New York Post - by Lou Lumenick
    She’s (Fey) so good that — up to a point — you can ignore Paul Weitz’ erratic direction and a patchy script, both of which clumsily handle shifts between comedy and drama. ...read more

  • 63
    ReelViews - by James Berardinelli
    My evaluation is to wait-list Admission and catch it when it reaches the less demanding platform of home video. ...read more

  • 63
    Philadelphia Inquirer - by Steven Rea
    Admission works in stops and starts. ...read more

  • 63
    Boston Globe - by Ty Burr
    Cheerful, skittish entertainment that never takes its subject seriously enough. ...read more

  • 63
    Chicago Tribune - by Michael Phillips
    There's a good movie in this story. The one that got made is roughly half-good. ...read more

  • 63
    Movie Nation - by Roger Moore
    Fey plays this inner-outer conflict well. But at her most wide-eyed and vulnerable, she still has trouble making a romance credible, even with Rudd, edgy comedy’s puppy dog of a leading man. ...read more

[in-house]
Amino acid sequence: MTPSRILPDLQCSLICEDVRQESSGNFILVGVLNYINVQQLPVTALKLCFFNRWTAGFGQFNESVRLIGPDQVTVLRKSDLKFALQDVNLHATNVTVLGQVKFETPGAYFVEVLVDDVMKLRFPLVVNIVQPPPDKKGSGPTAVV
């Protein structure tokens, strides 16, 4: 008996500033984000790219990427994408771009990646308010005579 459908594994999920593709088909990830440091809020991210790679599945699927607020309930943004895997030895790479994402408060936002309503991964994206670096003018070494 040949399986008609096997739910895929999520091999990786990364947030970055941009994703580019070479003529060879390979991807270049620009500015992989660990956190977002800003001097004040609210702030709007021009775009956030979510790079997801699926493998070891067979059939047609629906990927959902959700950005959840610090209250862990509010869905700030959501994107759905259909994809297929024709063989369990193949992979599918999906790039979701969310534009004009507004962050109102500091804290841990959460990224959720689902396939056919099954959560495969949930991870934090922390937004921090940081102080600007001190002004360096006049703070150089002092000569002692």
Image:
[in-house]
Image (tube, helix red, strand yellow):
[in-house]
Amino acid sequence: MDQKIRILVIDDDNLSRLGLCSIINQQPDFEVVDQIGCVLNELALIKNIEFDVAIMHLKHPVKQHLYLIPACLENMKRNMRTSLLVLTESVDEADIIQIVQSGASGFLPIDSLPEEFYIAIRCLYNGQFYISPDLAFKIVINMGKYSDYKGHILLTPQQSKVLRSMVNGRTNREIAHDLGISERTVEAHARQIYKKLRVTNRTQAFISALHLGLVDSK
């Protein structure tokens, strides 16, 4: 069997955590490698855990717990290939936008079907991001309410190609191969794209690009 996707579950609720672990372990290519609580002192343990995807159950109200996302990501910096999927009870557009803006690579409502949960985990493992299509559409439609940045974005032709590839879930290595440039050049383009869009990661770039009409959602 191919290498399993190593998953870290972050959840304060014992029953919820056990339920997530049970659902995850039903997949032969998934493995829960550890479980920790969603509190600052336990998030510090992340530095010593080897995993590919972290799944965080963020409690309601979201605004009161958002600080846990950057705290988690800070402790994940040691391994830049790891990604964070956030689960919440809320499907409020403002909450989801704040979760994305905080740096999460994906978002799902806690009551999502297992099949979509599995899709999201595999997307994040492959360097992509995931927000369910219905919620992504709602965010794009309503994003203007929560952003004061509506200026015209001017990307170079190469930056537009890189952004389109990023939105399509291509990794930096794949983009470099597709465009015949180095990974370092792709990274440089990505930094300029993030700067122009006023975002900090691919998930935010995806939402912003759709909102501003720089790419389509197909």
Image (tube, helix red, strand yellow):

• 50
    San Francisco Chronicle - by Mick LaSalle
    Everybody in Admission is funny - Tina Fey, Paul Rudd, Lily Tomlin, Wallace Shawn - but they're not funny in Admission. ...read more

  • 50
    St. Louis Post-Dispatch - by Calvin Wilson
    Admission is one film you may not want to get into. ...read more

  • 50
    Arizona Republic - by Bill Goodykoontz
    Admission is pleasant enough. Even when off a bit, the talent of the cast assures that. But it’s still a disappointment. You might say it, ahem, doesn’t make the grade. ...

  • 50
    Salon.com - by Andrew O'Hehir
    The movie’s just too boring and middlebrow. ...read more

  • 50
    The New York Times - by A.O. Scott
    Mr. Weitz lines up a target placed at the explosive intersection of class, race, region and every other source of societal anguish, and then does not so much miss as aim in another direction — or several — letting fly a volley of darts that land as lightly as badminton birdies. ...

  • 50
    Rolling Stone - by Peter Travers